I worked in Canada and America this year, how do I determine my country of residence?

People who earn income from more than one country often find their taxes complicated by layers of red tape from both countries. Even though the United States and Canada have very friendly economic terms and a historically porous business border, each country still expects earners to fully adhere to their tax expectations. 

Multi-country taxation paperwork can be quite daunting, and most people and businesses may benefit from hiring professionals to cut through the red tape for them. This is especially true if one of those countries is the United States, whose tax system is the most complex in the world.

Determine your country of residence: Canada’s rules

If you are a Canadian citizen, but earned income in the United States, your initial return may likely show that you have to pay taxes for your earnings in both countries. Luckily, the Canada-United State Income Tax Convention Fifth Protocol (2008) might excuse you from paying some or all of the taxes to the United States, but does not exempt you from filing a tax return in a timely manner under US law.

In this case, the details of your taxes may likely hinge on residency. If you resided in Canada for more than half of the year (183 days or more) you may qualify for relief. This generally means that in any place where similar taxes apply to your earnings, you may have to pay the Canadian tax and be exempt from the corresponding United States tax.

A Canadian citizen earning income while employed in the United States by a US company might be eligible for relief from Canadian taxes. In that case, the individual may likely be eligible to deduct the full amount of the taxes actually paid to the US whether through deductions or payments. Similarly, deductions for pension plans are also available, if they substantively match similar plans available under Canadian law.

Determine your country of residence: United States’ rules

The United States applies a more complicated residency rule. A person who was in the United States for less than 183 days in one year might still qualify as a resident, because of the residency formula that counts days from surrounding years proportionally as follows:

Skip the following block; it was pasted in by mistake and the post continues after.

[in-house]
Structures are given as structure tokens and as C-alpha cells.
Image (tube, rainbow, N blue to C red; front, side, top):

Days of residency in the current year are counted as full days

            Days of residency in the preceding year are counted as ⅓ days

            Days of residency in the second precedent year are counted as ⅙ days.

If the total after this calculation is 183 or higher, you are considered to have residency in the United States.

So if you were in the United States 60 days for each of the past three years, your calculation would be:

            Current year: 60

            Preceding year: 60/3 = 20

            Second preceding year: 60/6 = 10

            Total days = 90 (not a resident)

But if you were in the United States 126 days for each of the previous three years, your calculation would be:

Current year: 126

            Preceding year: 126/3 = 42

            Second preceding year: 126/6 = 21

            Total days = 191 (resident)

Of course, it is unlikely that each person’s annual total is the same, and these examples are meant only to serve to explain how the formula works.

Either way …

Whichever country you determine to be your country of residence, you are still obligated to fill out the United States tax forms for income earned there and submit it by April 15th.

However, your residency and citizenship, and the application of the Canada-United State Income Tax Convention Fifth Protocol (2008) may determine if you qualify for tax relief from those taxes that overlap. In those cases, you owe the country of residence, and may be exempt from the same taxes in the other country (even if you are a citizen of that country.)

The content of this article is intended to provide a general guide to the subject matter. Specialist advice should be sought about your specific circumstances.